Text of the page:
Hospital Sultanah Nur Zahirah,Terengganu, Malaysia
Non-Tuberculous Mycobacterium (NTM) are ubiquitous, free living, environmental saprophytic organisms known to occupy water systems, soil and vegetation. It has potential to colonize and eventually infect either immunocompromised or immunocompetent individuals. NTM are found worldwide and the prevalence are increasing in the last three decades. NTM infections is easily missed, difficult to diagnose and difficult to treat.
Four distinct clinical syndromes associated with NTM infection has been described in children: skin and soft tissue disease, lymphadenitis, pulmonary disease and disseminated disease. It causes a spectrum of clinical disease ranging from asymptomatic to severe symptomatic infection.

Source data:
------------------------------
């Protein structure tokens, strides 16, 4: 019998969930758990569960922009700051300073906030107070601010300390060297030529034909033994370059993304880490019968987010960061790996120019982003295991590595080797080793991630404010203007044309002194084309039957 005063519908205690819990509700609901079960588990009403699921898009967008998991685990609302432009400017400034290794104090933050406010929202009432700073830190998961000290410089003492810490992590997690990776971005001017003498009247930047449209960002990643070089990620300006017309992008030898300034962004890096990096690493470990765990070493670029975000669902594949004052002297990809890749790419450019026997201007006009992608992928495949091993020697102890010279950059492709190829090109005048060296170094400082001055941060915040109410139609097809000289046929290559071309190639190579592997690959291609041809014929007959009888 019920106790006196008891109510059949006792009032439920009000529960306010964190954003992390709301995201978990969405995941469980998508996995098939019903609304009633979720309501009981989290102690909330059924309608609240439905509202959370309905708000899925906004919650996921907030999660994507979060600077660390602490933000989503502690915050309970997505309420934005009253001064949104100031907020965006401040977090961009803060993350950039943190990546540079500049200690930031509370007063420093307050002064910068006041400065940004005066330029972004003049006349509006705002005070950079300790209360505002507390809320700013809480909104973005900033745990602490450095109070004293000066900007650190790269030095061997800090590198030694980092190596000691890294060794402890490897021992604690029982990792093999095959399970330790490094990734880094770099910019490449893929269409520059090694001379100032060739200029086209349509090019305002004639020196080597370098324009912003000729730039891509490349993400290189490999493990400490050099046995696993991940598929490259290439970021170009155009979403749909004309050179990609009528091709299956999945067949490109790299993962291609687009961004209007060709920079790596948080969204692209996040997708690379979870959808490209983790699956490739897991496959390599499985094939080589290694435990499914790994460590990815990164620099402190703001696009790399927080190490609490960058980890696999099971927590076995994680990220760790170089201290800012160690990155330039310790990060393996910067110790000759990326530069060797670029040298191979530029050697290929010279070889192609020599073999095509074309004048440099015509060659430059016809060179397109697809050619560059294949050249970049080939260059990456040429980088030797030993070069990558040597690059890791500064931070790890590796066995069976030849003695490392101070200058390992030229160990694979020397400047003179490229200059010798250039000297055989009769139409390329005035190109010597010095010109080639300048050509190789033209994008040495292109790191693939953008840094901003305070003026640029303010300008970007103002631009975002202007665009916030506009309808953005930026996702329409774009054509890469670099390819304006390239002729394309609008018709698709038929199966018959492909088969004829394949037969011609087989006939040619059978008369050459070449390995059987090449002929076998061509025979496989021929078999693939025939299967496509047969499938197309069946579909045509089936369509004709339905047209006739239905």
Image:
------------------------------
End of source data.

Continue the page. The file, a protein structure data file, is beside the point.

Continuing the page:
Diagnosis of NTM disease requires clinical, radiological and microbiological assessment. Culture in both liquid and solid media is the gold standard for NTM diagnosis, however NTM growth usually takes 42 to 56 days in liquid and solid medium. Polymerase chain reaction (PCR), is the most sensitive and rapid test to detect NTM infection.
The treatment of NTM infection is challenging. Depending on the context of presentation and site of infection, three overlapping management options for NTM infections are long courses of anti-mycobacterial antibiotics, surgical excision of infected tissue or removal of indwelling foreign bodies and ‘watchful wait’.